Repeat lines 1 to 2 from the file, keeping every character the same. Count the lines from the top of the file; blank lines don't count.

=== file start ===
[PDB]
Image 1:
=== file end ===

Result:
[PDB]
Image 1: